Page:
Yesterday, Google announced its purchase of Motorola’s mobile handset division - split out from it’s parent company into what was called Motorola Mobility not that long ago. Google seems to have three goals. 1) Eliminate the middle-man. As I’ve discussed in previous posts, one of the problems that Google used to have was that their partners, HTC, Samsung, Motorola and so on, were given the source code for the latest version of Android - that they could then choose to update to run on their phones and then pass on to the carriers for distribution wirelessly to their end users. The problem was, most of the middle-men weren’t updating existing phones - they were busy making new phones. 3-6 months seems to be the average lifetime of a phone design from most manufacturers other than Apple in the current smartphone game. Apple customers have been able to get free software updates to their 3 year old iPhones giving them new leases on life, whilst Android users have usually been stuck at the operating system version they bought the phone with. New features and bug fixes left wanting. Now that Google own a middle-man, they can control the product cycle and prioritize their releases the way they want to. 2) Acquire Patents. Recently the issue of software patents has been very public with the purchase of a mass of patents from the remains of Nortel (for whom I once worked many years ago) by Microsoft and Apple left Google wanting. The way to play the patent game seems to be more about the person/company who has the most patents is the person no one is prepared to sue for fear of a counter-suit. Motorola Mobility has a very sizable patent portfolio that Google will very likely start putting to use suing both Apple and Microsoft to keep to push their Android operating system further out of the legal reach of their competitors. 3) Full Hardware Control. This puts Google on the same table as Apple. The real question is whether they will or can deliver a highly integrated experience that they can sell on their own terms to carriers the way Apple has with the iPhone. Consider that carriers already have HTC and Samsung supplying most of their phones, tailored just the way they want. Most carriers put up with the iPhones lack of tailorability simply because it pulls in the new customers.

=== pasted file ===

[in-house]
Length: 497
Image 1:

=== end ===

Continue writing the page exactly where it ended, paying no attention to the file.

Google then, it would seem, has just spent $12.5 Billion USD on a good acquisition. Or have they? The problem is that if Google choose to exert their control of the hardware and give preferential treatment to their own Motorola division, how long will it be before HTC and Samsung choose to dial-back their Android phones and move more towards Windows Phone 7, or their own operating systems? If Google keep the best features for themselves to entice more people to purchase their Motorola phones (given they now OWN a mobile manufacturer - their business model requires that they sell as many units as they can) it will only drive their current partners away - losing Android overall marketshare and in the process Google will lose some of its revenue from Android. If they don’t give preferential treatment to Motorola and they are fair to their partners then why spend so much money on Motorola Mobility in the first place? After the excitement of the potential for this purchase has faded away, the reality of running a hardware product business that has seen declining sales in recent years and the potential alientation of Googles current partners will dawn on Google. I’m not so sure the purchase was wise at all. The end result could hurt Google and Android severely. Alternatively Google could elevate the hardware platform to a whole new level with many great new features that other manufacturers are too reluctant to add. Make no mistake though: one way or the other this was a pivotal moment in the history of the mobile market. Stay tuned for the glory, or the chaos to ensue.